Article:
The Lipstick pepper is a sweet, thick-walled heirloom pepper which matures earlier than bell peppers, making it an excellent alternative for those in northern climates. It also tends to be more prolific, putting out more peppers per plant.
Unknown on grocery store shelves, the Lipstick pepper is quickly becoming a favorite among home gardeners and heirloom commercial growers due to its ease of cultivation, high productivity, and clean, sweet flavor.
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Profile: Lipstick Pepper
A more prolific, earlier-ripening, heart-shaped alternative to bell peppers
Species: Capsicum annuum
Days to Maturity: 70 days
Type: Open Pollinated (OP)
Height: 24+ inches
Heat Level: 0 to 100 SHU (no perceptible heat)
Get seeds: Baker Creek (US), Refining Fire Chiles (US), HR Seeds (US), Incredible Seeds (Canada), Real Seeds (UK)
Lipstick peppers are crimson red, conical peppers with wide shoulders and a somewhat rounded bottom, giving them a heart shape. The peppers get to around 2 to 4 inches long. They are completely sweet, without even a tingle of heat, just like a bell pepper. However, some consider their flavor to be superior to bell peppers – Lipstick peppers taste very clean and sweet with no bitter notes.
Lipstick peppers can be harvested as green peppers sooner than the 70-day harvest date, and can be used in place of green bell peppers. However, they only become sweet after ripening.
Lipstick pepper plants can reach over 2 feet tall if given enough space, and if fertilized well, can produce heavier yields than bell peppers.
You can use Lipstick peppers in any dish you use other sweet bell peppers, such as stirfries, salads, salsas, or stuffed. You can even dry them and grind them into a kind of sweet paprika powder. However, because of the thick, juicy flesh, you should slice them thinly before drying.
Planting Lipstick Peppers
While Lipstick peppers produce earlier than bell peppers, they still benefit from starting indoors, 6 to 10 weeks before your last frost date. Sow your seeds in loose soil or potting mix and keep warm and moist until they sprout. Keep under fluorescent lights or LED grow lights to keep your pepper seedlings from getting leggy, but keep them no closer than 4 to 8 inches above your seedlings or you could overheat them.
When nighttime temperatures stay above 50°F (10°C), you can transplant your Lipstick peppers outdoors.
Before transplanting, you can add some slow-release fertilizer into the planting hole and mix in well to give your pepper transplants a head start. After transplanting, water liberally to reduce transplant shock and get the soil settled around the roots.
At this stage, they don’t need much fertilizer, and you can use any balanced granular fertilizer every month or apply diluted liquid feeds every 1 to 2 weeks. Once your plants are established, you can use fertilizer spikes like Jobe’s tomato spikes.
An alternative to applying fertilizer is planting your Lipstick peppers in compost or compost-rich soil, which should provide enough nutrients for the whole season.
Plant your Lipstick peppers in a place that gets direct sunlight for at least 6 hours a day to ensure proper growth, more blooms, and bigger harvests.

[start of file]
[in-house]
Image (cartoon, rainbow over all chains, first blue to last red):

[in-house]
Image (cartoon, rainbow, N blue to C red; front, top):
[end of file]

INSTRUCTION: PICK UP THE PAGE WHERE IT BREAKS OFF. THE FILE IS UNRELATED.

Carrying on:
Taking Care of Lipstick Peppers
As long as you keep the soil around your Lipstick peppers moist but not soggy, and you have either planted in rich soil or amended with fertilizer or compost, you will end up with a good harvest. Peppers are self-pollinators, and just the wind gently shaking the plants will be enough to pollinate your flowers.
Peppers are also mostly resilient against pests, although you may occasionally find aphid infestations. Aphids are easily dealt with, and often don’t even require insecticidal soap. More rarely, pepper plants can be infested with tomato hornworms, which prefer tomatoes but occasionally attack other nightshades like peppers and tomatillos. Hornworms can be picked off and dispatched manually but if you have a large pepper garden, you can use organic pyrethrin or neem oil sprays.
Harvesting Lipstick Peppers
For peak sweetness and flavor, pick Lipstick peppers when they are fully ripe and completely turn red. You can also pick them green after they’ve reached their full size. Days to maturity for unripe Lipstick peppers is around 65 days.
Lipstick peppers will keep in the refrigerator for a couple weeks, but lose a lot of their freshness after a week. To store your Lipstick peppers long-term, consider chopping and freezing them, pickling them, or drying them.
Related Questions About Growing Lipstick Peppers
Can Lipstick Peppers Be Grown in a Pot?
Lipstick peppers, like all peppers, can grow well in pots. However, if you want a good harvest, plant your Lipstick peppers in at least a 5-gallon container. Planting in a small pot can cause your plant to be stunted and produce only a few peppers.
When planting in a pot, use well-draining potting mix and ensure your pot has drainage holes on the bottom.
Since peppers in pots often need more frequent watering, this can cause nutrients in your pots to deplete much faster than in the ground. Definitely fertilize your Lipstick peppers in pots regularly, either using slow-release fertilizer granules/spikes applied every 1-3 months or a liquid fertilizer applied every 1-2 weeks.